Good morning, and thanks for spending part of your day with Extra Points.
A few weeks ago, when Extra Points was on the cusp of reaching 5,000 free subscribers, I announced a content. Once the newsletter hit 5,000 subs, I'd give away three prize-packs, with one of the prizes being the ability to pick a future newsletter topic.
One of the contest winners is a practicing veterinarian, and suggested I dig into the archives and find some weird stories about live mascots.
There are so many of these stories, way more than can be published in a single newsletter. Feel free to send me some of the wildest stories from your favorite school, and I'll share them on Twitter, or perhaps compile them for another newsletter.
But for now, let this serve as an exceptionally truncated and incomplete collection of wild stories from university library archives.
Hey, remember that time SMU murdered the Fordham Ram?
There are plenty of stories of live mascots behaving badly, but as best as I can tell, this is the only time a mascot actually flat out murdered another mascot.
SMU's live pony, Pernuna, was named after one of those old patent medicines that was actually just alcohol, probably a bad omen as far as future behavior is concerned. When SMU traveled to face the Fordham Rams, Pernuna reportedly traveled around in a cab, and when Fordham's mascot had the misfortune of wandering a teensy bit too close, Pernuna kicked it to death.
It isn't clear exactly when this happened. The SMU Daily Campus claims the murder came at the hands (er, hooves) of Peruna V, the team's mascot from (1950-1965). I've seen other accounts claim it was the work of Peruna I, from the early 1930s.
Apparently, SMU's horse mascot has a history of bad behavior. According to this essay from the SMU student paper, the pony once kicked the Texas longhorn, and other reports claim it once tried to mount the mascot at Texas Tech. But maybe that bad behavior was justified. According to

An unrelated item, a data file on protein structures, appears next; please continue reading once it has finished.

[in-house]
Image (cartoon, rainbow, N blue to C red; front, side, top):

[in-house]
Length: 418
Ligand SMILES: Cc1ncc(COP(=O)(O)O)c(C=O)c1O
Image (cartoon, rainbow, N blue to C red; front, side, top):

I for one am shocked that anything associated with the SMU football program ever failed to follow proper protocols and procedures.
The poor Fordham Ram has had a rough go of things.
Friends, let us consult the history of Rameses, the Fordham Ram, via our friends at the Fordham University library. What, perchance, happened to the first Fordham Ram?
Goodness. That's brutal. Surely the next Ram fared better?
What the hell?!?
It's one thing to kidnap a mascot. That's happened to animals across the country since the start of mascots. But to murder not one, but two?!
There are conflicting newspaper reports about exactly how each ram died. This 1930 story from the Brooklyn Times Union claims that Rameses I was hit by a train in 1927, and that Rameses II was sent to a slaughterhouse (with no mention of any kidnappings). Rameses III, according to the newspaper story, tried to butt some local dogs so hard that he somehow strangled himself?
The official university library's account suggests that the animal the Times Union thought was Rameses I was actually Rameses III. The university claims that Rameses III was actually executed by the Fordham Rifle Team for the unpardonable crime of attacking New York's trains and causing traffic delays.
So even if some reports got the exact name of the ram wrong...still! What an absolutely brutal run for a live animal mascot. This is apparently not a gig that lets you retire, or even expire via natural causes.
Even if future versions of the mascot weren't sent off to the slaughterhouse or otherwise meeting some untimely demise, they weren't always the most well-behaved animals. Here's a newspaper account from 1935 that takes a surprisingly jovial tone towards a mascot basically just assaulting a random woman?
But hey, the news wasn't ALL bad, right?